Please, it is not my intention to get the barista in trouble and that is why I do not mention the name, or even gender, of the person. I enjoy talking with, and the service from, Helen, Janice, Sally, Tim, Jerrold, Sharon, Martha and the other personnel at the store; I also know several other customers and enjoy the atmosphere. My letter is sent so that the manager of the store – Jackie (who was not there on the 5th) – can train staff to a better level of standard regarding simple business security. Perhaps the manager herself needs training.
I’m not privy to Starbucks standard business practices, but is there no office in the back in which to count money? Is there not, at the very least, a table? Certainly there must be a private area, away from general public traffic, for the handling of large sums of money? That would be my first suggestion – and one that comports with common business advisement and secure practices.
Lastly, if a customer makes a good-faith suggestion, in the kindest of tones, service personnel should listen and at least be courteous. A snappish response was a surprise to me.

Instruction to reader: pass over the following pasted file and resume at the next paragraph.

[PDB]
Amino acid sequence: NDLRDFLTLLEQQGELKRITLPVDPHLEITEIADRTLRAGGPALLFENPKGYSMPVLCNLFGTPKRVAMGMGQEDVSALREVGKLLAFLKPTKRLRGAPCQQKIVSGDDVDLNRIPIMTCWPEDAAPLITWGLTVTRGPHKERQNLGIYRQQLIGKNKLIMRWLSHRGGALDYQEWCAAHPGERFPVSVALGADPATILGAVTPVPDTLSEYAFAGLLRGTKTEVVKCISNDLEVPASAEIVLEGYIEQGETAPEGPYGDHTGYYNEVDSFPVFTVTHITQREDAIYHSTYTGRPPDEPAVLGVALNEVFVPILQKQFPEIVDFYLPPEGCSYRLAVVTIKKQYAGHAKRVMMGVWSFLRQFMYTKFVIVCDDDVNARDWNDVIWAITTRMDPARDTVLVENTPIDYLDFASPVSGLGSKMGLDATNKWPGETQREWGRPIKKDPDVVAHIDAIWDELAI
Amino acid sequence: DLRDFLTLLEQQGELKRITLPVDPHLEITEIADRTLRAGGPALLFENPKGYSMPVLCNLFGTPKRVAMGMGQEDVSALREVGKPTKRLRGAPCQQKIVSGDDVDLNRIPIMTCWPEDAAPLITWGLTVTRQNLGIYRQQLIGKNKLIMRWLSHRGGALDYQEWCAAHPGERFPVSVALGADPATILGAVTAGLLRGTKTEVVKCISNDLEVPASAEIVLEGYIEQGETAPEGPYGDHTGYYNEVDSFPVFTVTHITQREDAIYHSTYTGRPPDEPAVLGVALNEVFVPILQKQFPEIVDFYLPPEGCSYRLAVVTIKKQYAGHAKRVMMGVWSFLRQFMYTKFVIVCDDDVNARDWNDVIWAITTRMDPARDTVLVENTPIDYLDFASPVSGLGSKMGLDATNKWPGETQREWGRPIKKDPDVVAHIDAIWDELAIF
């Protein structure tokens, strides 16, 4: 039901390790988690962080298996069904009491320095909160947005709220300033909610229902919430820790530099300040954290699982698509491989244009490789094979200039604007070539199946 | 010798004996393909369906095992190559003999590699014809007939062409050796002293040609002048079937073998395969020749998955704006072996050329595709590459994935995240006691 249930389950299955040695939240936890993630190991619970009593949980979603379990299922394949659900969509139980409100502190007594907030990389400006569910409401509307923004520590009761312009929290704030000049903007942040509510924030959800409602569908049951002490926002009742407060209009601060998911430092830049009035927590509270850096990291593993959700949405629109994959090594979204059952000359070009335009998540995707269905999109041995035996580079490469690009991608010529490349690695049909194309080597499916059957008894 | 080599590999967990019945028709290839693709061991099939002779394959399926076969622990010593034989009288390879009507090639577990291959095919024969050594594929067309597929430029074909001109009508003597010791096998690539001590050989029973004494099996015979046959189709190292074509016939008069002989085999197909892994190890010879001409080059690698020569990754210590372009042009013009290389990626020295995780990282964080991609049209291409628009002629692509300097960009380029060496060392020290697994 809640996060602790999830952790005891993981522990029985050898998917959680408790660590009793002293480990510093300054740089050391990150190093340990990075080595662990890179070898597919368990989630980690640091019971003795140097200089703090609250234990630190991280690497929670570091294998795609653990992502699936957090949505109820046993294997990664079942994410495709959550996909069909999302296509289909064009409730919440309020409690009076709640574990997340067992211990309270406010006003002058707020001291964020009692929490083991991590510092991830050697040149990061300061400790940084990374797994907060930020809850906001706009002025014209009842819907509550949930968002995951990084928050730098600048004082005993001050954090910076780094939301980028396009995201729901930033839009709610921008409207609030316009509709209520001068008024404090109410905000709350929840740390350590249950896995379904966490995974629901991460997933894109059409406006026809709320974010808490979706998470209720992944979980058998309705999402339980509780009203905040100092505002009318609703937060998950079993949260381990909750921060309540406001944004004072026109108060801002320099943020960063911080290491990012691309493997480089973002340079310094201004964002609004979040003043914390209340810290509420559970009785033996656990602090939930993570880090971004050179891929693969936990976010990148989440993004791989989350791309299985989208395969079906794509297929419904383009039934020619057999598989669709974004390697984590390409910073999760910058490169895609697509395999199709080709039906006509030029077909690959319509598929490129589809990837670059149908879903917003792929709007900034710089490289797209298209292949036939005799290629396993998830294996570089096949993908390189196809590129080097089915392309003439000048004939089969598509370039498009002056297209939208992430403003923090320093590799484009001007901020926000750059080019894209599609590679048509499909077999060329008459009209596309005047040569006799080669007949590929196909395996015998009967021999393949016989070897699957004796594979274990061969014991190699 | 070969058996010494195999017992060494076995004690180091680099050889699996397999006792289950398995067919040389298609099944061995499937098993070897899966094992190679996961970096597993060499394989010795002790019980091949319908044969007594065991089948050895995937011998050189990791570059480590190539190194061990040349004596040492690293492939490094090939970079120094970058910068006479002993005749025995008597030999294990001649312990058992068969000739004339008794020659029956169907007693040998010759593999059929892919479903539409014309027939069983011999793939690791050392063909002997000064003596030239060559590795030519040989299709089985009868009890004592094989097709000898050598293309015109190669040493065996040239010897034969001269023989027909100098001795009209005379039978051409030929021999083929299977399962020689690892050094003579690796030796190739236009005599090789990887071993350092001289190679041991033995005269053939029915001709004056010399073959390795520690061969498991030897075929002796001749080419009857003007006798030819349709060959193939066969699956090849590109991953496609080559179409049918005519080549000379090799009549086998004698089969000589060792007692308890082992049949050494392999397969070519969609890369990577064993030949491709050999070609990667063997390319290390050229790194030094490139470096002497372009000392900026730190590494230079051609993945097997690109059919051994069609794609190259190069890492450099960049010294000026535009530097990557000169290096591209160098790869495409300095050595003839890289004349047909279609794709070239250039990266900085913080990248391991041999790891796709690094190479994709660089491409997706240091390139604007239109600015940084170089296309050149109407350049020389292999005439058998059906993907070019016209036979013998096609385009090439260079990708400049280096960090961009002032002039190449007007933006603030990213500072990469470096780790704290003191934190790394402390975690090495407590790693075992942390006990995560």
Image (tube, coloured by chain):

Clients pay me to advise them regarding security. My counsel: In the realm of risk, unmanaged possibilities become probabilities.
For the [store name] Starbucks, there already exists risk – of theft. It is certainly a possibility that someone can take the money – totally unobserved. Given the unmanaged possibility, I believe the risk of theft is too high for sloppy handling of money at this store. Given the economy and unemployment, the sight of money is too large a temptation. Large sums of unattended money also puts customers at risk. This practice is witless.
If for some reason you believe the practices at this store to be proper, or if you determine that my concerns are off-target or my observations of the 5th inaccurate, then I need to know that so that I can make a couple decisions. Otherwise, I’d like to know what is being done to address the problem at this store.
Thank you for taking the time to listen to my concerns regarding the [store name] Starbucks store.
I.T. Wars: Managing the Business-Technology Weave in the New Millennium
Blog: The Business-Technology Weave
[phone number] (mobile)
Octorber, 24th: On this day in 1836 the match is patented .]]>
I’ve stumbled on something rather disturbing regarding Starbucks’ business practices. First, let me say that Starbucks is not a client of mine: Therefore, I’m free to speak without fear of divulging any client confidentialities – I would never speak about clients here anyway, without express permission, and an identified reason.